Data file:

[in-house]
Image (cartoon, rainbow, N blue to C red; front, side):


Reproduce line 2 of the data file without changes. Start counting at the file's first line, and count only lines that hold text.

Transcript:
Image (cartoon, rainbow, N blue to C red; front, side):